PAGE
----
Artificial Intelligence needs open-source models to reach its potential | Mint

Artificial Intelligence needs open-source models to reach its potential

Embracing openness democratizes generative AI. (Stock Image)
Embracing openness democratizes generative AI. (Stock Image)


Without a commitment to openness, a privileged elite will enjoy the lion’s share of the benefits.

Johannes Gutenberg’s printing press revolutionized life in the 15th century, making it possible for ideas to travel around the world at previously unimaginable speeds and creating huge gains for mankind. Gutenberg tried to keep his technique a secret, but a disgruntled former investor, Johann Fust, soon replicated his device. Fust launched his own press and poached Gutenberg’s top techie, Peter Schoeffer.

It was lucky for the rest of us that he did. Imagine if the printing press had been kept secret and controlled by one company, or confined within one nation. Centuries of human progress might never have happened. It’s an imperfect analogy, but it offers a useful way to frame the current debate around artificial intelligence.

Generative AI, which is artificial intelligence capable of producing text, images and other media, will revolutionize life in the 21st century. It will be much more disruptive than the printing press. Generative AI’s ability to digest nearly the entire breadth of human knowledge by training large-language-model algorithms with hundreds of billions of parameters allows it to write, draw, reason and solve problems. These potent new tools will amplify the power of knowledge workers.

The printing press accelerated the spread of knowledge. Generative AI will accelerate the creation of knowledge. It can understand, explain and create ideas and content at speeds unfathomable by humans. Generative AI will improve productivity and generate untold economic value. It will help entrepreneurs make fortunes and, more important, transform lives. I can say from my four decades of involvement in AI—first as an academic, then working with Microsoft and Google, and later as a venture capitalist—that generative AI will unleash the greatest technology revolution ever.

But we can’t keep this power locked away for only the privileged elite. Given the massive technological paradigm shifts that are coming, it will be necessary for people from all backgrounds to understand and have access to the technology. It is crucial that no one be left out. This is why I decided to launch 01.AI, a startup building foundational large language models, which are the building blocks of generative AI. We launched our first language model, Yi-34B, with 34 billion parameters. Anyone can engage with, enhance and tailor our model and its source code, which is available on GitHub.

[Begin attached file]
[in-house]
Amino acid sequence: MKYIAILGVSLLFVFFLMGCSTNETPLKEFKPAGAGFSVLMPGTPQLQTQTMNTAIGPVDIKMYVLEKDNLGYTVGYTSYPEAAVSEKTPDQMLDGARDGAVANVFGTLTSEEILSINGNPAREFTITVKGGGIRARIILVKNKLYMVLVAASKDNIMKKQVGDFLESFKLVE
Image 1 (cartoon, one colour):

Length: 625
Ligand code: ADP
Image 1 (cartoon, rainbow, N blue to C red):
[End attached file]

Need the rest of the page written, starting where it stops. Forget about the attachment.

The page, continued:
While the Yi-34B model’s manageable size makes it ideal for researchers, entrepreneurs and smaller companies, OpenAI and Google have kept their larger and better models proprietary. I am not suggesting that every model should be open. But I hope every technology company will embrace and contribute to the open-source community, even as they maintain their business and profit goals.

A technology giant could open-source a smaller model while keeping larger models proprietary. This is 01.AI’s intention. This openness will make models accessible to researchers, educators, students, entrepreneurs, hobbyists and nonprofits. This inclusiveness is critical, because many communities can’t afford to use the more expensive proprietary models. Embracing openness democratizes generative AI.

Thwarting the spread of generative AI by keeping it proprietary leaves some groups marginalized as successful companies put their tools in black boxes. The best generative AI models were mostly trained on American and English data. While they are functionally multilingual, they perform poorly when using languages that are less prominent on the internet. Users from smaller or poorer nations are provided a much inferior experience. They don’t have the resources to generate and collect giant repositories of data in their languages or the technological know-how to develop high-quality native language models. The generative AI revolution is leaving them behind.

There’s also an American bias in the dominant proprietary models. Because of how they were trained, these models reflect the culture and values of the U.S., which may not suit other places. What one country sees as the norm may be offensive or even illegal in another. There are huge differences between the U.S. and Europe, never mind between the West and the rest of the world. A universal model can’t possibly fit every country’s needs. Each country should have a high-quality model that is tailored to its culture, values, religion and language.

Some in the media have described 01.AI as China’s answer to OpenAI, the developer behind ChatGPT. We see ourselves as the more “open" answer to OpenAI. In our view, the key competition isn’t China vs. the U.S. Rather, it’s open vs. closed systems. Even with only modest resources, we are determined to develop high-quality models for more languages to make this technology accessible to more people globally. We don’t want AI to leave anyone behind.

As a technology optimist, I firmly believe that artificial intelligence will advance the human race, amplifying our humanity rather than replacing it. But that can be accomplished only if we remain committed to the virtue of openness.

Mr. Lee is CEO of 01.AI and chairman of Sinovation Ventures.

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